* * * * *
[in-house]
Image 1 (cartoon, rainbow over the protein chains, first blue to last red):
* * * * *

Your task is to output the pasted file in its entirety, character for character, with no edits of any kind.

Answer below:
[in-house]
Image 1 (cartoon, rainbow over the protein chains, first blue to last red):